On Friday 24 April 2020 the long awaited Retail and Other Commercial Leases (COVID-19) Regulation 2020 was published on the NSW Legislation website and commenced on that day.

The Regulation gives effect to the National Cabinet Mandatory Code of Conduct SME Commercial Leasing Principles During COVID-19 which was adopted by the National Cabinet on 7 April 2020.

The purpose of the Code is to impose a set of good faith leasing principles to apply to commercial tenancies (including retail, office and industrial) between landlords and tenants, where the tenant is a business with an annual turnover of up to $50 million and is an eligible for the Commonwealth Government's Jobkeeper scheme.

The main principles of the Code can be found in our other article here and the full Code can be found here.

What does the Regulation do?

The Regulation prevents a landlord from enforcing a number of rights it would normally have under its lease during the COVID-19 period of 6 months ending on 23 October 2020. That date may be extended.

Renegotiate rent

If requested by the tenant, landlords must renegotiate rent and other terms of those commercial leases in good faith having regard to the economic impacts of COVID-19 and the leasing principles set out in the Code.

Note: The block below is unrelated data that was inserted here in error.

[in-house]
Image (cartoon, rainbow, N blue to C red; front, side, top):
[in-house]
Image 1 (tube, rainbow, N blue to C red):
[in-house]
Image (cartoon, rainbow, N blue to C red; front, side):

A landlord cannot not take any action during the 6 months period if the tenant doesn't pay rent, outgoings, or isn't open for business.

Rent cannot be increased during this period.

Other things a landlord cannot do

During this period a landlord cannot evict a tenant, re-enter the property, charge interest claim any bond monies or pursue a guarantor.

Disputes and Mediation

Any dispute between the landlord and tenant must go to mediation before proceedings can be commenced, and there is a requirement for the Registrar for Retail Tenancy Disputes or the Small Business Commissioner for commercial leases to certify in writing that mediation has failed to resolve the dispute.

Practical steps

If a tenant approaches a landlord and their lease falls within the Code, the parties must negotiate.

We have and are assisting a number of landlord and tenant clients in this negotiation and can help you through the process with legal and practical advice on how the Code impacts you.

The content of this article is intended to provide a general guide to the subject matter. Specialist advice should be sought about your specific circumstances.